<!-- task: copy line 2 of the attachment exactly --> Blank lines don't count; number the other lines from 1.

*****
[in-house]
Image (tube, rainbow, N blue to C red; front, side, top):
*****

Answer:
Image (tube, rainbow, N blue to C red; front, side, top):